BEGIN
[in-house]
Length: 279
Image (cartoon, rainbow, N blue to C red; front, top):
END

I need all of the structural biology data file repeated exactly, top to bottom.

[in-house]
Length: 279
Image (cartoon, rainbow, N blue to C red; front, top):